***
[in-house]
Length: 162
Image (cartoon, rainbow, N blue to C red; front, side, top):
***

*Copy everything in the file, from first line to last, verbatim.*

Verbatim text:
[in-house]
Length: 162
Image (cartoon, rainbow, N blue to C red; front, side, top):